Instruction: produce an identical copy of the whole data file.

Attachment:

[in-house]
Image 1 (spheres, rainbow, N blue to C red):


[in-house]
Image 1 (spheres, rainbow, N blue to C red):